Main GMG OpenColor window. 1 Navigation panel with variable number of tabs. 2 Action bar. 3 Content section. 4 Sidebar. 5 Property pane.
- At startup, GMG OpenColor shows a horizontal navigation panel (1) with two tabs called Projects and Database. These tabs are static tabs and cannot be closed or deleted, their position is fixed at all time. The screenshot shows the Projects tab content. You can view the content of each tab by clicking on the desired tab.
- The toolbar (2) provides quick access to often-needed actions such as creating a new project, characterization, or test chart. When you click a toolbar button, the application opens a new tabbed page in the main window.
- The content section (3) displays a project list that gives you a quick overview on the status and progress of each project. Use the respective project actions to edit, duplicate, or delete a project.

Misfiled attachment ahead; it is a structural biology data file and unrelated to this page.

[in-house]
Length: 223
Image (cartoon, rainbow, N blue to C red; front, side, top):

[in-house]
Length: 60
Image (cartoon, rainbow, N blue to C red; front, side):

- The main navigation bar on the left (4) helps you filter your projects per status, modification date, and preference.
- The property pane (5) provides more information on the item that is currently selected in the list. At the upper right of the pane is a search box, which allows you to search for content (full text search).
Tab page overview
|Tabbed page||Description||See also|
|Projects||Shows all projects in progress, finished projects and bookmarked projects.||Projects|
|Database||Shows all test charts, characterizations, and gradations.||Database|
|New Project||Set up a project as a folder or container for all data you need to proof a specific print job.||Projects|
|New Characterization||Each measurement you want to use for profiling, first needs to be categorized in terms of printing process, media type and print order.||Creating a Characterization|
|New Test Chart||Create custom test charts optimized for individual printing processes with up to 7 overprints.||Creating Your Own Test Charts|
|New Measurement Session||Measure test charts and strips directly within GMG OpenColor.|
|New Gradation||Create gradation curves to correct the tonality of an ink.||About Gradation Curves|